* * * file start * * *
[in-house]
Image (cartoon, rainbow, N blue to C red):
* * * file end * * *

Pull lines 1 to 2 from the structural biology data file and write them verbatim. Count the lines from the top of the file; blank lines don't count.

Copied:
[in-house]
Image (cartoon, rainbow, N blue to C red):